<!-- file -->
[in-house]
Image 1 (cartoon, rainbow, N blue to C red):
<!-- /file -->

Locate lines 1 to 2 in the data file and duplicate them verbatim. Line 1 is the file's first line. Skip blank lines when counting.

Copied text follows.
[in-house]
Image 1 (cartoon, rainbow, N blue to C red):